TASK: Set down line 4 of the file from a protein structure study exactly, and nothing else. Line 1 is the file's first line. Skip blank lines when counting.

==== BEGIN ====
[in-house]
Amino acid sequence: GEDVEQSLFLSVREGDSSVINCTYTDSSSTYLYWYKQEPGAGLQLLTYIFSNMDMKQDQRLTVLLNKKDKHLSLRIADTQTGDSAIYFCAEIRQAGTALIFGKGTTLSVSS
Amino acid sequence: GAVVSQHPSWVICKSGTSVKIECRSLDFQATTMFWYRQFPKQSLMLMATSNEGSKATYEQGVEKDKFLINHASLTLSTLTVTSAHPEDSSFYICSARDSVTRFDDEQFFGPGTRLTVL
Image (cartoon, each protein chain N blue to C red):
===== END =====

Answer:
Image (cartoon, each protein chain N blue to C red):